The Throne Speech Matters, Now More Than Ever

On Wednesday, September 16th, 2020 in Articles by Elizabeth, Publications

Click here to see this article where it was originally published, in Policy Magazine

Elizabeth May

September 17, 2020

 

What will Parliament look like next week?

Honestly, no one knows.

Even a few days ago, I would not have imagined that the entire Bloc Québécois caucus would be in isolation due to a staffer with COVID-19. Will they be able to get health permission to attend in person? What protocols will be needed in parliament given active cases?

We have not even resolved the basic questions for standing orders next week.

Will the Liberal draft motion for our rules of engagement, circulating to the party whips and already reported in the media, receive unanimous consent? It proposes some of what we were doing before prorogation with virtual and in-person participation. And it proposes voting remotely.

How will we keep COVID-19 protocols during the Speech from the Throne? Members of Parliament cannot be crowded together at the back of the Senate, rooted in our place as commoners while the “Lords” of the Senate have a regal audience. I for one will watch it on Parlvu — with my mask on.

More importantly, are we in the early stages of a Liberal-set up to a snap election?

A month ago, I would have dismissed the idea out of hand. But the minority government of Blaine Higgs in New Brunswick has broken the glass on that particular emergency lever. His opportunism has been rewarded as the Conservatives emerged triumphant from a cynical snap election. Not only did Higgs secure a majority of the seats, the Liberal leader, our former Sergeant-at-Arms, Kevin Vickers, did not win a seat and has now resigned. Other than the Conservatives, only the New Brunswick Greens improved their vote share, holding on to all three seats.

Here in British Columbia, despite the smoke shrouding everything else in a fog, it does appear clear that John Horgan, an NDP premier with a minority government, is itching for a snap election.

He has a valid Confidence and Supply Agreement with the BC Greens that lasts until 2021. The newly-elected Green leader, Shawnigan Lake MLA Sonia Furstenau, has urged Premier Horgan to stick to governing in a pandemic.

The political winds in BC still seem to be blowing toward a snap election. Just this Tuesday, the popular mayor of Tofino, Josie Osborne, announced she is running for the NDP. I do not think we have to wait long to hear that former prominent federal NDP MPs Finn Donnelly and Nathan Cullen are throwing their hats in the provincial ring.

How does the prospect of opportunistic provincial premiers moving to snap elections impact the federal scene? I think it is most likely that the Trudeau Liberals do not want an election, but even more certainly, the newly elected Conservative leader. Erin O’Toole, does not want to go to the polls.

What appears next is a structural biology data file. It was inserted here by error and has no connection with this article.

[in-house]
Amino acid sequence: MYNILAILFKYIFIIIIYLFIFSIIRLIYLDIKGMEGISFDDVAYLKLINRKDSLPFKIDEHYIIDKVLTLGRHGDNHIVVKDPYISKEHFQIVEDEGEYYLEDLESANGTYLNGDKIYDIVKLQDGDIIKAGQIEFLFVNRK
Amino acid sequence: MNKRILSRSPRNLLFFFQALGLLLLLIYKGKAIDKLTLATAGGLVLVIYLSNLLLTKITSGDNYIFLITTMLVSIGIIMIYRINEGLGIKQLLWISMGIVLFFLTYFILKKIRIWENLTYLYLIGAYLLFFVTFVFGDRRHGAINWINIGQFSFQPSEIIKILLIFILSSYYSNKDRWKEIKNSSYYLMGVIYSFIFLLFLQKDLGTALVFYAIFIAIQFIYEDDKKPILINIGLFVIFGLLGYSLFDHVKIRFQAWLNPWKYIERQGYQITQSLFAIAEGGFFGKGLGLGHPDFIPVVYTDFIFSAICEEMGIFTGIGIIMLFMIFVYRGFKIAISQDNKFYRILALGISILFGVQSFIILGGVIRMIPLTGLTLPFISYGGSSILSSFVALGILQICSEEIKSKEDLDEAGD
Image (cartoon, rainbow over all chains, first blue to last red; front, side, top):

Clearly, neither do the NDP, as Jagmeet Singh downplayed the importance of the Speech from the Throne as opposed to the federal budget this week. While the NDP hasn’t ruled out a vote of no-confidence on the Throne Speech, supporting the government buys them some time to prepare for an election (translation: fundraise).

But the substance of the Speech from the Throne is more essential now than ever.

How will we keep COVID-19 protocols during the Speech from the Throne?  Members of Parliament cannot be crowded together at the back of the  Senate, rooted in our place as commoners while the “Lords” of the Senate have a regal audience. I for one will watch it on Parlvu — with my mask on.

We remain in a public health crisis. And we are in a climate emergency. One — COVID-19 — is happening now. The other is also happening now, and despite the apocalyptic damage being inflicted by wildfires up and down the West Coast, the even worse impacts remain decades off. Our terrifying fate (one lying in wait for our children, not us as we can mercifully die leaving our kids to their Mad Max future) will be sealed within months. We no longer have years to meet the scientific realities set out in the October 2018 report of the Intergovernmental Panel on Climate Change (IPCC). To avoid runaway global warming (also dubbed “Hothouse Earth”) our odds are vastly improved if we hold to no more than a 1.5 degree C global average temperature rise. Above that, our odds of survival are seriously weakened.

And as the IPCC warned, the window on holding to 1.5 degrees will close soon. We must, globally, reduce carbon dioxide emissions by 45 percent below 2010 levels by 2030. Blowing past 1.5 degrees may lock us into an unlivable world. Our short- term response must be clear, decisive and chart a course to a fossil fuel-free economy.

Fortunately, the pursuit of economic recovery and climate action both lead to the same solutions. We need to follow the economic prescription set out by Nobel Prize-winning economist Joseph Stiglitz and Sir Nicholas Stern (author of the watershed report on the economic risks of climate chaos). Their new economic study released this spring was based on interviews with over 200 economists and members of central banks in G20 countries.

That study, relying on empirical evidence, sets out that the best path to economic recovery lies in investments in renewable energy, energy efficiency and conservation in built infrastructure and tree-planting on a massive scale. The path to economic recovery must be built on social justice, respect for indigenous rights and climate action. The Speech from the Throne is critical. And Greens will treat it as a critical question of confidence.

Contributing Writer Elizabeth May, the MP for Saanich Gulf Islands, is the former Leader of the Green Party and its House leader.

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